First, we will look at gas furnaces. You should check for dirt, rust, etc. inside the furnace and clean as necessary. You should also check the vent pipes to make sure they are not blocked and are in good physical condition. You should clean or replace the air filters. At this time it is a good idea to ensure that the blower wheel is clean and to oil the motor if required.
**NOTE** Most newer furnace blower motors do not require oiling.
If you have a condensing furnace, you should check to make sure the condensate drain is not clogged. You should also check your thermostat. If it is not a digital unit, ensure that it is perfectly level. This would be a good time for thermostat replacement. Normally, replacing a mechanical thermostat with a digital unit, will save about 5-10% on the heating bills. Finally, you should run the furnace through a normal heating cycle to check for proper operation. During this cycle, you should check the temperature rise across the furnace.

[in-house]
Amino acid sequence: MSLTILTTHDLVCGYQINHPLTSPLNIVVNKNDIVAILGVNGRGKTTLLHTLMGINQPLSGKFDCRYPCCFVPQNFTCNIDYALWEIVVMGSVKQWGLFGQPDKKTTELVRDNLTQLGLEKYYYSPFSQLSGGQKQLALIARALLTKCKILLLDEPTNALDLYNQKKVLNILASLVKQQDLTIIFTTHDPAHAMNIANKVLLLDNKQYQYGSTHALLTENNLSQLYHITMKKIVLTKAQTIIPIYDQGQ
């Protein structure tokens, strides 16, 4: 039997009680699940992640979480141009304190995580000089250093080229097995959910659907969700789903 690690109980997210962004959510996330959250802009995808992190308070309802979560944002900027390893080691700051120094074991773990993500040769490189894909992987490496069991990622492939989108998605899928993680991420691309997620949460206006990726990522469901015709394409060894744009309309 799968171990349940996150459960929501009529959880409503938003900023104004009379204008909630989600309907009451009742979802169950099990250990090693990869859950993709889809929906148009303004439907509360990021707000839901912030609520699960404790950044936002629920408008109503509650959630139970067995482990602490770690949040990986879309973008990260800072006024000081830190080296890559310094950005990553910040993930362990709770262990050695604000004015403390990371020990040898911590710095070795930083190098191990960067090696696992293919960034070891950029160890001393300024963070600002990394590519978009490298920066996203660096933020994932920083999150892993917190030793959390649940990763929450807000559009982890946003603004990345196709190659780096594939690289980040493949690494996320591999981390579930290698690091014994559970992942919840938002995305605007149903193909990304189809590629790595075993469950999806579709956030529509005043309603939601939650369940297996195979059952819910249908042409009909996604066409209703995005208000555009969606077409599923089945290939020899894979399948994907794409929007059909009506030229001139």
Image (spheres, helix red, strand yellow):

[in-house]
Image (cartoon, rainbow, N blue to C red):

**NOTE** The furnace should have been running for ten minutes before you measure operating temperatures.
To do so, you should measure the return air temperature (temperature of air entering the furnace) and the supply air temperature (temperature of air leaving the furnace). Then, you should subtract the return air temperature from the supply air temperature. You will find a recommended temperature rise range typically about 35-65 degrees)on the label plate for the furnace. Compare the value you measured with the label plate. If the temperature rise you measured is below the minimum range for your furnace, the blower heating speed can normally be reduced. If the temperature rise you measured is above the high range for your furnace, the blower heating speed can be increased.